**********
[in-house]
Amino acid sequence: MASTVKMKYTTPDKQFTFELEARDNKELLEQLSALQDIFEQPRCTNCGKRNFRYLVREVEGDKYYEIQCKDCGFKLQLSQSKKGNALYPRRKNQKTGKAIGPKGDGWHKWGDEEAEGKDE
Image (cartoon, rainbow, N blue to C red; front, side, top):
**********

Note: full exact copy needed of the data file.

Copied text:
[in-house]
Amino acid sequence: MASTVKMKYTTPDKQFTFELEARDNKELLEQLSALQDIFEQPRCTNCGKRNFRYLVREVEGDKYYEIQCKDCGFKLQLSQSKKGNALYPRRKNQKTGKAIGPKGDGWHKWGDEEAEGKDE
Image (cartoon, rainbow, N blue to C red; front, side, top):